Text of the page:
1. Scientists go to zoo, find that cell size, not body size, affects lifespan

    Scientists go to zoo, find that cell size, not body size, affects lifespan

    Researchers in Israel, Canada, and Germany have found that animals with larger pancreatic cells tend to age faster, while those with smaller such cells seem to live longer.

    They came to this “shockingly beautiful and unexpected” correlation, said Yuval Dor, who studies developmental biology at The Hebrew University’s Hadassah Medical School in Jerusalem, after studying the pancreases of 24 mammalian species, from the smallest, a shrew, to the tallest, a giraffe. T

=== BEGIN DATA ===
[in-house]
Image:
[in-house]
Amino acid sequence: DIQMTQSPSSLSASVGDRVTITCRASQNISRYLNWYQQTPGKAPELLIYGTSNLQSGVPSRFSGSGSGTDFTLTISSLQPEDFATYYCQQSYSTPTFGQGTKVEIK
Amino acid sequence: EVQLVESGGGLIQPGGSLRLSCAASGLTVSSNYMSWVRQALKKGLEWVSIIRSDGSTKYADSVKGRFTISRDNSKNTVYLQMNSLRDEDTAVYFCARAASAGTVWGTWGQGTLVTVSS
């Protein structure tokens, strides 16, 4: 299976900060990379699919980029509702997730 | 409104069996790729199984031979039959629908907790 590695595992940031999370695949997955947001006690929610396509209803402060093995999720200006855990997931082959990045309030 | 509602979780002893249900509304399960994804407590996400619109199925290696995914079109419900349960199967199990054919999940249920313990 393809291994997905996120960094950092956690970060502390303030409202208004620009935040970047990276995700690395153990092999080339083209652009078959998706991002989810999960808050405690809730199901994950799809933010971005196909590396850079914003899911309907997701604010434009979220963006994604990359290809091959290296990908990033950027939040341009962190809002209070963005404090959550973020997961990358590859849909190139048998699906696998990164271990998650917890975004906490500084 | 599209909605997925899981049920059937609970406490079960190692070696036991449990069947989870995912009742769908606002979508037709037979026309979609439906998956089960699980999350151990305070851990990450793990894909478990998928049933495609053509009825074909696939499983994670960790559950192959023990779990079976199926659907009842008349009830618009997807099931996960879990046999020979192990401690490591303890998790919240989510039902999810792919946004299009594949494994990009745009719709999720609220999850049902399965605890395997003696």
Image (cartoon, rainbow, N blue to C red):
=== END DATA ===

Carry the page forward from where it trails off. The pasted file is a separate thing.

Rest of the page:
The findings were published on Monday in the journal Developmental Cell.

    Previously, scientists had thought that after birth, most mammals’ organs, including the pancreas, grow by cell ...

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    1. This was surprising because the assumption was that post-natally, the pancreas grows by increasing the number of cells, just as most organs do.
    2. This might explain why some mammal species sacrifice longevity for the rapid early organ growth associated with cell growth instead of replication: you get the selective advantage in early life but you pay the price later on.
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